It was in 1869 that Arthur Wingfield Douglass (pioneer ostrich-feather farmer) imported a machine to experiment with ostrich eggs; which was regarded as a crazy idea by South African farmers. The machine consisted of a wooden box with two drawers, (where the eggs were placed), a water tank, with a thermostat and a paraffin-burner. There were a few problems with this attempt, and today we have improved on and perfected the technology, and incubators are 100% effective and safe.
Ostrich hens normally become sexually mature when they are between 2 – 3 years old, and males usually mature a year later. At the beginning of the breeding season, the males show a distinctive reddening of the shins, the beak and the rims of the eyes. To draw the attention of the females, the males perform a mating dance in front of them. A broody female walks with her head held low, whilst opening and closing her beak and her drooping wings fluttering lazily (languidly). Once the male and the female have mated, the female lays one egg every other day until there are between 10-15 eggs.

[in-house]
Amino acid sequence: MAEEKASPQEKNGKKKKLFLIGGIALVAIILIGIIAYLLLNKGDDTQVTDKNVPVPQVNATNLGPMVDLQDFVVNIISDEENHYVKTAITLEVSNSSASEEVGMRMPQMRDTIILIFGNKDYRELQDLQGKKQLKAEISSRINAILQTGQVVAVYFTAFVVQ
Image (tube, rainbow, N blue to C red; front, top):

The great advantage of artificial hatching lies in the fact that the birds lay double or treble the number of eggs they otherwise would. Eggs are removed from the nest as soon as they are laid, and replaced with a couple of dummies to that “fool” the hen. As many as thirty or more eggs will be laid by one hen in these circumstances.
The incubator on our premises can take as many as 800 eggs. All the eggs taken from the hen are immediately placed in the incubator. Many factors need to be taken into account when using the incubator, for example, the temperature must be 36˚C, eggs must be turned twice daily, and after 2 weeks of incubation the eggs are tested for fertility under a light.
The development process inside the egg goes by rather quickly. After 3 days, one is able to hear the chick’s heartbeat. After 9 days, the head and body are formed. By day 14, the embryo’s development is completed, and from then on only increases in size. On day 42, the chick breaks through the air space to fill almost the whole egg, but must then break through the shell within about 24 hours. Once hatched, they are left in the incubator drawer for another 2-3 days. For the first few days after hatching, the chicks live off the egg-yolk which has been drawn into the abdomen through the navel opening before hatching. The chicks are put into a sheltered enclosure once they are out of incubation, where they can collect gravel, crushed bone and egg shells. These incubated chicks are treated in the same manner as naturally hatched chicks, by putting them in the care of a herd boy or a foster bird.